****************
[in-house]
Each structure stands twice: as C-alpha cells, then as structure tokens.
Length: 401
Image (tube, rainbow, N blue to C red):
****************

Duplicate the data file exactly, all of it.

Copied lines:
[in-house]
Each structure stands twice: as C-alpha cells, then as structure tokens.
Length: 401
Image (tube, rainbow, N blue to C red):